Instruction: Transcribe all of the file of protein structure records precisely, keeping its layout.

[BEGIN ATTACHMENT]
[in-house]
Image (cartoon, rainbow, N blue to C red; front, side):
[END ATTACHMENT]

[in-house]
Image (cartoon, rainbow, N blue to C red; front, side):